Michael Frayn’s hilarious comedy comes to Yorkshire

Noises Off.  Photo: Johan Persson
Noises Off. Photo: Johan Persson
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IT has been described as one of the greatest British comedies ever written and now Noises Off, Michael Frayn’s meticulously written farce, is coming to Yorkshire.

The multi-award-winning play heads to Sheffield’s Lyceum Theatre next week before moving on to Leeds Grand Theatre in July, following its triumphant and critically acclaimed sell-out run in London.

Noises Off earned rave reviews following extended runs at The Old Vic and then at the Novello Theatre in the West End – it is the highest grossing show in the history of The Old Vic Theatre Company, breaking weekly box office records during its run there – and is already proving a big hit with audiences as it tours the UK.

For the uninitiated, Noises Off, winner of both Olivier and Evening Standard Awards for Best Comedy, serves up a riotous double bill – a play within a play.

Moving along at a sprightly pace, it follows the backstage antics of a touring theatre company as they stumble their way through rehearsals in Weston-super-Mare, to a shambolic Wednesday matinee in Ashton under-Lyne, and a final disastrous performance in Stockton-on-Tees.

Olivier award-winning director Lindsay Posner (Abigail’s Party, A View from the Bridge, Butley and Carousel) leads an impressive cast starring Neil Pearson, of Drop the Dead Donkey and Bridget Jones’ Diary fame, Maureen Beattie (Lewis and Taggart), Thomasin Rand (Call the Midwife and Sherlock) and Geoffrey Freshwater (Foyle’s War).

Playwright Frayn, whose work includes, Copenhagen and Benefactors, says Noises Off was inspired by a visit backstage during a performance of his play The Two Of Us, his debut in London’s West End.

“The show, a series of two-handers, starred Richard Briers and Lynn Redgrave and in the closing piece, a farce, they played five characters between them,” he says.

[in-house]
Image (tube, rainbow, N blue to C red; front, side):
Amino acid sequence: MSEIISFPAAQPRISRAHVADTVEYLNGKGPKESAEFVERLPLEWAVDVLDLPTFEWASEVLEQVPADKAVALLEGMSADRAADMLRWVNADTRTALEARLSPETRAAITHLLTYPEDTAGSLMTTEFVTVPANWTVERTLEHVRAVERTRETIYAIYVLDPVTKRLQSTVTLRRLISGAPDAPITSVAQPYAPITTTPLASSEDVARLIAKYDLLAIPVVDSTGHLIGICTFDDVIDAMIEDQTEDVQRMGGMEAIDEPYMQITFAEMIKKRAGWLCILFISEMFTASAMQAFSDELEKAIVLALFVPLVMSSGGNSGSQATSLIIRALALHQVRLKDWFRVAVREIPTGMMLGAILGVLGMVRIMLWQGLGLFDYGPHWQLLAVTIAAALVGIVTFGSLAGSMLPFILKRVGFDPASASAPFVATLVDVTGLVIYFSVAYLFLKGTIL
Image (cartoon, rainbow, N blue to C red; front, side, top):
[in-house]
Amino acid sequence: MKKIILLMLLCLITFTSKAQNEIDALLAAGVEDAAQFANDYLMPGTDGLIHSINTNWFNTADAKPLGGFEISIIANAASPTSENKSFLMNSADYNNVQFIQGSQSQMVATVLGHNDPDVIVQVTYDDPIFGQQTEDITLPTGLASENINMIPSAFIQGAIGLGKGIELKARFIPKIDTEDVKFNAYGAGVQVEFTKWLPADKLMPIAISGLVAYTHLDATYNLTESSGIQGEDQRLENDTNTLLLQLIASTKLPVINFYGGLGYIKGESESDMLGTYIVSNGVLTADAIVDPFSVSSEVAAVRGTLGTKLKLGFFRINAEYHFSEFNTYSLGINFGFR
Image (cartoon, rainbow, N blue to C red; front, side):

“Therefore there had to be a series of quick changes. When I saw what that entailed, I thought that it was funnier than anything that was happening on stage and I decided that I’d like to write a farce, viewed from behind-the-scenes.”

But having started he found it hard to piece together. “Writing Noises Off was difficult,” he says. “It was like trying to make a sculpture out of jelly. Every time you change something in one of the acts it bulges out in the other two.”

However, the play has clearly struck a chord with audiences. “I think that it’s connected to the fear which we all have inside ourselves that we might be unable to go on with the performance. It’s amazing how many people find public speaking terrifying, even if it’s just in front of family and friends at a wedding,” he says.

“And an audience is an intense version of the world around us in general. We all feel that we might break down – and we sometimes do. So when we see it happening to those idiots up there on the stage in a farce it’s a release of the tension.”

More than 30 years after it first hit the stage, Noises Off remains one of the funniest plays you are ever likely to see.

Noises Off, Lyceum Theatre, Sheffield, May 13-18. For tickets call 0114 249 6000 or visit sheffieldtheatres.co.uk. It also plays at Leeds Grand Theatre, July 23-27. For tickets call the box office on 0844 848 2700 or go online at leedsgrandtheatre.com